came through here 11 years ago. I guess they haven’t finished yet.”
Every gravel truck and grader we drove behind poured tons of dust into our open windows. We coughed and choked and kept bandanas on our faces to block out the worst of it. Just as the sun was beginning to go down, our driver pulled off the road, an ominous thump thump thump coming from the underside of the van. He, his companion and my dad jumped out and jabbered in Togaleg and English. There was a spare tire bolted under the van, but after much effort to release it, the tire was flat, too.
They finally decided the driver and his friend would flag down a passing vehicle to take them back to the town we had driven through an hour before and try to find someone to fix it. It took two hours to get anyone to stop for them. This was when we learned that Mindanao is a very bandit-ridden area and making a habit of stopping for stranded motorists is literally hazardous to your health. Our friends were risking their lives hitchhiking at midnight to fix a flat. In fact, as every car that passed us approached, our guide hissed at my sister and I had to duck down between the seats. He explained that their headlights would catch our white faces and blond hair, a dead giveaway that Americans were stranded. Stranded people, especially Americans are sitting ducks for bandits who will slit throats and dump the bodies into the jungle for the few dollars they might be carrying. It is common to find vehicles completely overgrown by the jungle. Occasionally a decomposed body is found, with no clue as to the identity of the victim. Betsy and I looked at each other, wondering if we should be scared. Around 11 p.m. as we ducked for yet another car, I quipped,
“Well, at least this didn’t happen in the middle of nowhere.”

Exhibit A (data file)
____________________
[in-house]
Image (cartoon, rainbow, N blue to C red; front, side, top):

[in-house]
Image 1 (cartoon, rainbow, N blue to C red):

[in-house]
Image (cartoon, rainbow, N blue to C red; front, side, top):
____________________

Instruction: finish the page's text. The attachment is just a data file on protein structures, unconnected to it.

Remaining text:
My parents started laughing and couldn’t stop. I now realize that they had put their children at risk for rape and murder. Although they have always trusted God completely, they were probably at the end of their nerves. Besides, we were as far out in the middle of nowhere as a body could get.
Finally, our rescuers returned with the repaired tire. They told us they found a tire shop, but had to pound on the door and shout for an hour before anyone ventured to open it. They replaced the tire and we were on the road again. At least at night there is no road construction.
Maybe I fell asleep, but the next thing I knew we were pulling in front of the only motel in Don Carlos. It consisted of concrete block walls, and bare concrete floors. There were four regular rooms and our room was the bridal suite. We walked down the hallway that reminded me of a prison and we could hear the other occupants snoring loudly. The doors each had a screen transom and the concrete echoed with their sleeping noises. At the end of the hall was a metal door covered with chipping green paint. Inside was a large room with no less than 10 metal cots scattered around. There was a small room to the left that had a toilet that was about six inches off the ground (you had to squat). The shower was a dirty bucket under a spigot in the wall of the main room. One filled the bucket and dumped it over one’s head. There was a drain in the floor next to the rusty dripping sink. The water was sure to be contaminated and my mother urged us to wait until we got back to an American hotel to shower. She didn’t have to ask twice.